Wednesday, February 23, 2011

New Obsession: Aboriginal Art

I've been reading Ish & Chi for a while now, and while I do enjoy seeing the outfits Viv puts together for her "Friday Fashion" posts, I'm far more intrigued by the large painting in the background.

Eventually, through her home decorating posts, I've discovered that it's one of three pieces of "Aboriginal art" that she has collected. Here are the other two:

I'm embarrassed to say that I had never before heard of (or more accurately, paid attention to) aboriginal art. But I was immediately taken with the color, texture and textile quality that each of her paintings - while different in technique and style - seem to share.

THEN, I read on Made by Girl, that inspired by Viv, Jen purchased a couple of aboriginal pieces for her own home.

Following the artist links that each blogger offered, I discovered the Aboriginal Art Coop site and spent an entire morning semi-ignoring my family while I poured over the galleries.

I grabbed image after image, planning to write SOME kind of post about them. Once I scanned through every painting (I'm not kidding - ALL 503 artists), I had to make some serious cuts. And even after eliminating about 2/3 of the images, I still have TWENTY FIVE in my picture file. I can't cut any more. They're too lovely. So here are some of my personal favorites (artist name below each):

Abie Loy Kemarre

Barbara Weir

Caroline Numina Pananka (above two)

Dolly Mills Petyarre

Evelyn Pultara (above two)

Gloria Petyarre

Jeanie Mills Pwerle

Jeannie Petyarre (above two)

Julianne Turner Nungarrayi

June Smith Pengarte

Kudditji Kngwarreye

Lena Pwerle

Lorna Fencer Napurrula

Lucky Morton Kngwarreye (above two)

Lulu Teece Petyarre

Makinti Napanangka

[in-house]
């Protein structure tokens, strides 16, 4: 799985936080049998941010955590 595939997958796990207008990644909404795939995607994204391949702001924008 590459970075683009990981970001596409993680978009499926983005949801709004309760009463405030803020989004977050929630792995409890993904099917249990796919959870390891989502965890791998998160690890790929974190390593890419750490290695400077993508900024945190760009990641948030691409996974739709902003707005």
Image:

Mitjili Napurrula

Rosie Goodjie

Sally Gabori

Sarrita King (above two)

Aboriginal art (also known as Indigenous Australian art), is based upon traditional culture and is made by indigenous Australians. The mediums used are far more extensive than the paintings I featured above: painting on leaves, wood carving, rock carving, sculpture, ceremonial clothing, etc. But it's the paintings that really speak to me.

As much as I can appreciate all art from an objective standpoint, I tend to really "love" the pretty stuff. And this is some PRETTY stuff. It would look fabulous with most interior decor styles as well (so you don't have to feel guilty about matching your art to your house). AND depending on the artist, the prices can be very affordable.

Art brings life to a room. If you are in the market for some new wall decor, don't dismiss fine art as too expensive. Even if you have to spend a bit more than you would for those prints at Pottery Barn, original art is an investment worth making. And it seems that Aboriginal art can be an attainable investment at that!

Do you have any affordable fine art tips or secret resources? We'd love to know!


  1. My jaw dropped open as I scrolled down the page. It's all new to me too and I LOVE it. So glad you featured this - and I can totally imagine ignoring my family to peruse all the links now!

    We've bought some art from Gallery Art Direct online, and from a local art store. Not in a while though - pre-kids. The next art purchase on my radar is a painting or print by that wonderful painter you recently featured here...

  2. Yes the Australian Aboriginal Art is very beautiful.I live in the United States now but grew up in Australia.I am half Aboriginal and paint contemporary Australian Aboriginal Art.I dont have a web site yet,but if you google my name you can see a few pieces of my work,My name is Carmel Middletent.I wish you much success in your home decor business.Reguards, Carmel.

  3. Dear Stylke Key West web-manager
    Would you please be kind enough to help me forward the email below on to Carmel, who it seems, wrote to you previously.

    Thank you so much...

    Hello to Carmel Middletent:
    My friend has a copy of the calander you were seeking, and I will happily find out where to source you a copy. I quoted this page at the Jewish Holocaust Centre function in Melbourne on December 6th last, when we launched Barbara Miller's book on William Cooper.

    Carmel, I am intruiged by your stated shared heritage, and am part-way through writing a book which includes some amazing similarities between Jewish and Aboriginal spirituality and traditions, and have incorporated some pen-portraits - perhaps we could discuss your inclusion also??

    Please be in contact via

    Thank you


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